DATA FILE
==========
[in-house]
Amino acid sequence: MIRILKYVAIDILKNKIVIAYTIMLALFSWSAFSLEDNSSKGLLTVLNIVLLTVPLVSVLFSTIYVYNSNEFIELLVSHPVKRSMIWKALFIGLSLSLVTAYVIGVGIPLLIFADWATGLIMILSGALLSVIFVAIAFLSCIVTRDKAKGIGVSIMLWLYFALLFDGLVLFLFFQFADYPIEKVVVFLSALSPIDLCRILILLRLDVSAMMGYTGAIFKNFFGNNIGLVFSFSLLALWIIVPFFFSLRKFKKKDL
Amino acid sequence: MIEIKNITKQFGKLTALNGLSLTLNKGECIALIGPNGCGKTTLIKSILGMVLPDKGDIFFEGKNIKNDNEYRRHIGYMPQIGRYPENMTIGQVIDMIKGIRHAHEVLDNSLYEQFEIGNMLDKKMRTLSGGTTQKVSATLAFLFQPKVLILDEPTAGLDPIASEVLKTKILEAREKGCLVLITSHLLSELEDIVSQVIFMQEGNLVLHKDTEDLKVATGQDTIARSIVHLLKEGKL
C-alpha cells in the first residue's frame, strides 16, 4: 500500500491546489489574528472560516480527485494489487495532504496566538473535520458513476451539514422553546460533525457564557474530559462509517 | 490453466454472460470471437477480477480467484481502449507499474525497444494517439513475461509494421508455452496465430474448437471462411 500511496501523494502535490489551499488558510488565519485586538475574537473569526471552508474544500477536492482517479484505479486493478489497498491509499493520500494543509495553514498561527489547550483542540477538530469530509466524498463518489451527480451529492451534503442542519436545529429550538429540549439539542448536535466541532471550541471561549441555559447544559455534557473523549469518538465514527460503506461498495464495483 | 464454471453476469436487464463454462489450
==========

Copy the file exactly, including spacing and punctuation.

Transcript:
[in-house]
Amino acid sequence: MIRILKYVAIDILKNKIVIAYTIMLALFSWSAFSLEDNSSKGLLTVLNIVLLTVPLVSVLFSTIYVYNSNEFIELLVSHPVKRSMIWKALFIGLSLSLVTAYVIGVGIPLLIFADWATGLIMILSGALLSVIFVAIAFLSCIVTRDKAKGIGVSIMLWLYFALLFDGLVLFLFFQFADYPIEKVVVFLSALSPIDLCRILILLRLDVSAMMGYTGAIFKNFFGNNIGLVFSFSLLALWIIVPFFFSLRKFKKKDL
Amino acid sequence: MIEIKNITKQFGKLTALNGLSLTLNKGECIALIGPNGCGKTTLIKSILGMVLPDKGDIFFEGKNIKNDNEYRRHIGYMPQIGRYPENMTIGQVIDMIKGIRHAHEVLDNSLYEQFEIGNMLDKKMRTLSGGTTQKVSATLAFLFQPKVLILDEPTAGLDPIASEVLKTKILEAREKGCLVLITSHLLSELEDIVSQVIFMQEGNLVLHKDTEDLKVATGQDTIARSIVHLLKEGKL
C-alpha cells in the first residue's frame, strides 16, 4: 500500500491546489489574528472560516480527485494489487495532504496566538473535520458513476451539514422553546460533525457564557474530559462509517 | 490453466454472460470471437477480477480467484481502449507499474525497444494517439513475461509494421508455452496465430474448437471462411 500511496501523494502535490489551499488558510488565519485586538475574537473569526471552508474544500477536492482517479484505479486493478489497498491509499493520500494543509495553514498561527489547550483542540477538530469530509466524498463518489451527480451529492451534503442542519436545529429550538429540549439539542448536535466541532471550541471561549441555559447544559455534557473523549469518538465514527460503506461498495464495483 | 464454471453476469436487464463454462489450